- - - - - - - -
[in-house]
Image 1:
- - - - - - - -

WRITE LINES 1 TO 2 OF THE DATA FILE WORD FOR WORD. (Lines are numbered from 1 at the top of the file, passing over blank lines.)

[in-house]
Image 1: